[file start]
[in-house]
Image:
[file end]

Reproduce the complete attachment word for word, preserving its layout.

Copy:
[in-house]
Image: